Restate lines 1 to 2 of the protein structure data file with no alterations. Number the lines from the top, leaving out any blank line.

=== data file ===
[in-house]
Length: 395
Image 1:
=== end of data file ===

[in-house]
Length: 395